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Math Help - Surface Area in Polar Coordinates

  1. #1
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    Surface Area in Polar Coordinates

    Find the surface area of the surface z=cosh(sqrt(x^2+y^2)) above the region in the xy plane given in polar coordinates:
    r is between 0 and theta
    theta is between 2 and 4

    Ok. I used the formula:
    Surface area equals the square root of the partial derivative of x squared plus the partial derivative of y squared plus 1. After doing it out, the (x^2+y^2) turned into 1, leaving me with the square root of 1 + (sinhsqrt(x^2+y^2))^2.
    I took the integral of this from 0 to theta by switching the (x^2+y^2) into just r (polar coordinates). I got that this integral equaled cosh(r)tanh(r) and in turn cosh(theta)tanh(theta). Taking this integral from 2 to 4, I got cosh(4)-cosh(2). I thought I did everything correct, but this is not the answer. What did I do wrong?

    Thanks for any help. I hope you can understand my thought process.
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  2. #2
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    Quote Originally Posted by MikeWakefield32
    r is between 0 and theta
    You mean,
    0\leq r \leq \theta?

    That is not possible, cuz the region is unbounded!
    (The curve produces an Archimedean Spiral).
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  3. #3
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    1theta it says. I didn't think that mattered.
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  4. #4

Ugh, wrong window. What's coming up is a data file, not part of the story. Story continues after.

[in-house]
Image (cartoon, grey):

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    My fault the region is bounded. Because you gave theta a limitation. Sorry.
    ---
    Then the integration is,
    \int_A \int \sqrt{1+f_x^2+f_y^2} dA
    Where, A is the region you described. Since A is simpler expressed in polar coordinates we will use polar integration.
    ---
    The surface is,
    f(x,y)=\cosh \sqrt{x^2+y^2}
    Then,
    f_x=\frac{x}{\sqrt{x^2+y^2}} \sinh \sqrt{x^2+y^2}
    Then,
    f_y=\frac{y}{\sqrt{x^2+y^2}} \sinh \sqrt{x^2+y^2}
    The next part is two square each one,
    f_x^2=\frac{x^2}{x^2+y^2}\sinh^2 \sqrt{x^2+y^2}
    f_y^2=\frac{y^2}{x^2+y^2}\sinh^2 \sqrt{x^2+y^2}
    Add them,
    f_x^2+f_y^2=\frac{x^2+y^2}{x^2+y^2}\sinh^2 \sqrt{x^2+y^2}=\sinh^2 \sqrt{x^2+y^2}
    Finally add 1,
    1+f_x^2+f_y^2=1+\sinh^2 \sqrt{x^2+y^2}
    But,
    \cosh^2 u=1+\sinh^2 u
    Therefore,
    1+f_x^2+f_y^2=\cosh^2 \sqrt{x^2+y^2}
    Thus, the integration is,
    \int_A \int \sqrt{\cosh^2 \sqrt{x^2+y^2}} dA
    This simplifies as,
    \int_A \int |\cosh \sqrt{x^2+y^2}| dA
    But, \cosh u >0 thus,
    \int_A \int \cosh \sqrt{x^2+y^2} dA
    Now, finally you can use polar substituion,
    \sqrt{x^2+y^2}\rightarrow r
    \int_2^4 \int_0^{\theta} r \cosh r dr, d\theta
    Can you solve it from here?
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  5. #5
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    Quote Originally Posted by ThePerfectHacker
    Can you solve it from here?
    Let me continue.

    To solve this integral the problem is to find,
    \int r \cosh r dr
    You gonna use integration by parts.
    Let, u=r and v'=\cosh r
    Then, u'=1 and v=\sinh r
    Using parts,
    r\sinh r -\int \sinh r dr
    Thus,
    r\sinh r - \cosh r
    Thus,
    \int_2^4 \int_0^{\theta} r\cosh r dr\, d\theta is,
    \int_2^4 r\sinh r-\cosh r \big|_0^\theta d\theta
    Thus,
    \int_2^4 \theta \sinh \theta - \cosh \theta +1 d\theta
    The problem now is to find,
    \int \theta \sinh \theta d\theta
    Let,
    u=\theta and v'=\sinh \theta
    Then,
    u'=1 and v=\cosh \theta
    Thus, by parts,
    \theta \cosh \theta -\int \cosh \theta d\theta
    Thus,
    \theta \cosh \theta - \sinh \theta
    Thus, you have, (entire integral)
     \theta \cosh \theta -\sinh \theta -\sinh \theta +\theta\big|_2^4
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